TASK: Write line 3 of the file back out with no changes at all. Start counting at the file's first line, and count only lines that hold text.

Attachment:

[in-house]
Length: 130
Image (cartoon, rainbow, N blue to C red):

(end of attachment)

Image (cartoon, rainbow, N blue to C red):